The new civilisation was well settled before the pilgrimage began.
She told all this to Coupeau just as if her plan of life was well settled.
In a little while the black box was well settled in the hole, and the dirt was thrown upon it.
well settled, I feel confident, you will be, if settled at all.
The earth over the new drain should be six inches higher than the surface of the field, that, when well settled, it may be level.
When November came our explorers were well settled in their winter-quarters.
"I can't blame you very much," the Major continued, after they were well settled.
This is well settled, although the reasons for it have not been understood.
In some well settled districts it may be possible to secure one by cancelling, but such chances are few.
Mercy Bascom was glad to have them well settled, if the truth were known.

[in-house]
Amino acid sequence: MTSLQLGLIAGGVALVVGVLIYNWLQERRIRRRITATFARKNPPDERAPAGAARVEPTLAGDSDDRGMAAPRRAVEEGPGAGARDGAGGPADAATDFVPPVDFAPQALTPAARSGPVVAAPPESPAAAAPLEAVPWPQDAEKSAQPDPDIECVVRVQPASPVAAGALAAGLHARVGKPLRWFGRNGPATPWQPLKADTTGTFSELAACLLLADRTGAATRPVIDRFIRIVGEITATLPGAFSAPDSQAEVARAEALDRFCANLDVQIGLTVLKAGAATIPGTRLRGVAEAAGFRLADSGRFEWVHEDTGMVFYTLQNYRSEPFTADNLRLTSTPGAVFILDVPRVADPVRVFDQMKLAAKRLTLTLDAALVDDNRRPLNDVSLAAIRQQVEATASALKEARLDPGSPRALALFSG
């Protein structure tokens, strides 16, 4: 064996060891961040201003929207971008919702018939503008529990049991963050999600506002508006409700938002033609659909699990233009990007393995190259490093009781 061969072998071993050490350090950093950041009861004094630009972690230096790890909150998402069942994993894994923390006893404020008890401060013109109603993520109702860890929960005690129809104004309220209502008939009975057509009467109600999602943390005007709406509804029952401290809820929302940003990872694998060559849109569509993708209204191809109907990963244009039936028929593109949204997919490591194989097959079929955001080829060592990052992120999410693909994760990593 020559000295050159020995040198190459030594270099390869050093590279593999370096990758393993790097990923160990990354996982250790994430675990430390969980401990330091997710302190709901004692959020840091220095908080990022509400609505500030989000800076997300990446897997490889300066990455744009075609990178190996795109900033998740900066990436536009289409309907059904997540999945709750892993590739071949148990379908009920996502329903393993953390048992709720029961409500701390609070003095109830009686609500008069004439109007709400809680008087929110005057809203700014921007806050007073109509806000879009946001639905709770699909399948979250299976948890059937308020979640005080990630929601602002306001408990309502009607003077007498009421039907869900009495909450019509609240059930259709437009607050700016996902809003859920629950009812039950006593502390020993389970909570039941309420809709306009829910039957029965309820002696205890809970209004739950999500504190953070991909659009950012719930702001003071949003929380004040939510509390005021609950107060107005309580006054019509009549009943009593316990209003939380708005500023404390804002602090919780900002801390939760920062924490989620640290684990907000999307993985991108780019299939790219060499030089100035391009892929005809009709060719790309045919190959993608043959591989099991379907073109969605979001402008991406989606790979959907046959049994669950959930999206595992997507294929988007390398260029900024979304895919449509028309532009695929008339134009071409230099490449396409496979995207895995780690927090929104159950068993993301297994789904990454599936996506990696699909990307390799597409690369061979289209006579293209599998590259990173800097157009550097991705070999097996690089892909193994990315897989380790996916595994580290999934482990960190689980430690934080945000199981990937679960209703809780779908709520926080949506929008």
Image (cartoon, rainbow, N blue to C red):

"come to rest," Old English setlan "cause to sit, place, put," from setl "a seat" (see settle (n.)). Related: Settling. Cf. German siedeln "to settle, colonize."
From c.1300 of birds, etc., "to alight." From early 14c. as "sink down, descend; cave in." Early 15c. in reference to suspended particles in a liquid. Sense of "establish a permanent residence" first recorded 1620s; that of "decide" is 1620s. Meaning "secure title to by deed" is from 1660s.
Meaning "reconcile" (a quarrel, differences, etc.) perhaps is influenced by Middle English sahtlen "to reconcile," from Old English saht "reconciliation," from Old Norse satt "reconciliation." To settle down "become content" is from 1853; transitive sense from 1520s; as what married couples do in establishing domesticity, from 1718. To settle for "content oneself with" is from 1943.
"long bench," 1550s, from Middle English setle "a seat," from Old English setl "a seat, stall; position, abode; setting of a heavenly body," related to sittan "to sit," from Proto-Germanic *setla- (cf. Middle Low German, Middle Dutch setel, Dutch zetel, German Sessel, Gothic sitls), from PIE *sedla- (cf. Latin sella "seat, chair," Old Church Slavonic sedlo "saddle," Old English sadol "saddle"), from root *sed- (1) "to sit" (see sedentary).
To imprison, esp for a life sentence: Foley was ''pinched'' and ''settled'' in San Quentin (1899+)